Before the Bank Holiday weekend, the Treasury toughened up rules on tax loopholes being exploited by UK film-makers. The new rules order European many film-makers to spend 40% of their budgets in the UK, when involved in co-productions, in order for these films to qualify for tax relief.
With the previous threshold set at 30%, ministers had feared too many productions were taking advantage of the tax regime by shooting films, that would never be released in the UK.
The new threshold follows the media storm that followed the Treasury decision in February to close a tax loophole, used by some film finance partnerships for raising money to fund big-screen productions.
However, that move pales in significance compared to international attempts to crack down on tax avoidance. British tax experts are helping form a task force with the US, Canada and Australia, designed to take on international tax cheats. A new body is now expected to be set up in New York, the result of a plan to fight back against the exploitation of discrepancies in tax avoidance from one country to the next. Its functions will include the identification of avoidance schemes, a pooling of knowledge in how to combat them, and eventually joint action, with schemes designed to prevent taxpayers from playing one country off against another.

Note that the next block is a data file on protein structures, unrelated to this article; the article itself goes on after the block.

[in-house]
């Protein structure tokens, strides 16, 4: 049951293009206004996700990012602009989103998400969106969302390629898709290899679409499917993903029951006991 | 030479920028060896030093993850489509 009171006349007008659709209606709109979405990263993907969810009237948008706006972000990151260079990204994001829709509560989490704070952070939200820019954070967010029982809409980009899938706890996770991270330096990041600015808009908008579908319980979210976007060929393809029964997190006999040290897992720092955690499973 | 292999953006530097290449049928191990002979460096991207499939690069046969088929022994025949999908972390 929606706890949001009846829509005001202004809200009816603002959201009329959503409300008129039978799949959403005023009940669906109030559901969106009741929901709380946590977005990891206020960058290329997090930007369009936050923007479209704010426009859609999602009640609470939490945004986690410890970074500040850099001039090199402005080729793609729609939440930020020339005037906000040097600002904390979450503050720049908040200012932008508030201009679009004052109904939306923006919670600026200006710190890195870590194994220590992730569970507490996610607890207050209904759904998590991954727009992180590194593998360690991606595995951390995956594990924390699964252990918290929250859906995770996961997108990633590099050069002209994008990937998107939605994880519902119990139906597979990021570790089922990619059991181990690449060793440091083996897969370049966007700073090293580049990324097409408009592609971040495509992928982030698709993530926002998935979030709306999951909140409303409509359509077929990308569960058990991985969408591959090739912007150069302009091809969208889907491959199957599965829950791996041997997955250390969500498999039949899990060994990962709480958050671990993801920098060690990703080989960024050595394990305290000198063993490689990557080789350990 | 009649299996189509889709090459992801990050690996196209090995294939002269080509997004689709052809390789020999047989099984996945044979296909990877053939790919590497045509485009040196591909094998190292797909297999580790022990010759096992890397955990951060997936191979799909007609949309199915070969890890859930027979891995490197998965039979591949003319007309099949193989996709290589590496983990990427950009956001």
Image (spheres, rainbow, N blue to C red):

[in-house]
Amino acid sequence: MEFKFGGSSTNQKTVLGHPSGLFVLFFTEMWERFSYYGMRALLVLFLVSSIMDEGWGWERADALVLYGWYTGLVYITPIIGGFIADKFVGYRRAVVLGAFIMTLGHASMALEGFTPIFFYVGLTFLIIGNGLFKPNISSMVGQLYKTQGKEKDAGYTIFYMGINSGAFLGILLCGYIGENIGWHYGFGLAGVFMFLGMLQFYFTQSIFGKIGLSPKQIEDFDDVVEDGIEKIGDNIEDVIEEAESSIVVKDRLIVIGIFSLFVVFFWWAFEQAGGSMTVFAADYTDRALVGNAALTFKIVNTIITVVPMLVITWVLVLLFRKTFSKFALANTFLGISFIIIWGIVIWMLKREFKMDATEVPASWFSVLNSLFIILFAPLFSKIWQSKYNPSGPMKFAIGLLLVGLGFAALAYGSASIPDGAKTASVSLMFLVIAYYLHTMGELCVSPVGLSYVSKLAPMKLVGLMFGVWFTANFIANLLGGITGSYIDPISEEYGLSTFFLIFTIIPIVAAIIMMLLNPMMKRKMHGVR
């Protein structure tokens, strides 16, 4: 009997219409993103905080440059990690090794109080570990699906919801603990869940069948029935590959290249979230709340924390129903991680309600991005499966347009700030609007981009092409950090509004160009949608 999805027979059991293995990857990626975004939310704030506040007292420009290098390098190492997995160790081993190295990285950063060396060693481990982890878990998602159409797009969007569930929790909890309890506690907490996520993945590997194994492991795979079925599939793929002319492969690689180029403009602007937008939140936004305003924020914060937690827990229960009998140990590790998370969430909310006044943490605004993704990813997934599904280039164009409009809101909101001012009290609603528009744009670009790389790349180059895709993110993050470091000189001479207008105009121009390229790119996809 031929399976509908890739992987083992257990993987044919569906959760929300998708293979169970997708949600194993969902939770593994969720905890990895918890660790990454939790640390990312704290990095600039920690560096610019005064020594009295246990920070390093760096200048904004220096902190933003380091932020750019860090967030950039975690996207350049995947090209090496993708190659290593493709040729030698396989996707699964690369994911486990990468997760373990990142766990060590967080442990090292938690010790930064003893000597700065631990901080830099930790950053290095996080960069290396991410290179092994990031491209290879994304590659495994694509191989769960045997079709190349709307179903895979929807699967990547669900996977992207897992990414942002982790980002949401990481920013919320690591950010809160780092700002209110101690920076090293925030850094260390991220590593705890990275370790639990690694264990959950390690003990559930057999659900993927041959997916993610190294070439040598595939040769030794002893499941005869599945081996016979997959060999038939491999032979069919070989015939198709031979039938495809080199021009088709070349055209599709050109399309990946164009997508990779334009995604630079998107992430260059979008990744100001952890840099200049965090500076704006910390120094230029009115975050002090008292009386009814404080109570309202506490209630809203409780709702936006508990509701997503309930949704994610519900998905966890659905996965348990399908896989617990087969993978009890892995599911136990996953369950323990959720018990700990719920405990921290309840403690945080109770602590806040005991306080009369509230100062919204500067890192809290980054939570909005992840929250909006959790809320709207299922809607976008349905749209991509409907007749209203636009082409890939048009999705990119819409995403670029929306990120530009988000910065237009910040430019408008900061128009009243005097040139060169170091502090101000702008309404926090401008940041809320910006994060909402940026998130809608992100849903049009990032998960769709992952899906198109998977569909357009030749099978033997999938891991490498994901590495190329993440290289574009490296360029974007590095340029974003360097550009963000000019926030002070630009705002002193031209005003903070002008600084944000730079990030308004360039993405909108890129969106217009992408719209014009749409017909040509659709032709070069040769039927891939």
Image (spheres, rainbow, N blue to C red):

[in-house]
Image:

On the plus side is the fact that the new regime will not ride roughshod over the UK. With Dave Hartnett, deputy chairman of the Inland Revenue, and Chris Tailby, head of VAT at Customs & Excise, involved in secret talks in Virginia last month, the UK is very much inside the tent on this one.
However, it demonstrates not just the Treasury’s intent to deal with what it considers to be unreasonable tax avoidance, but that its will matches that of other fiscal departments across the world.
Tax advisers and tax collectors may not see eye to eye on this one. But there’s no escaping the facts: tax avoidance may not be illegal but, if it’s large enough, it’s still not going to be tolerated – at home or abroad.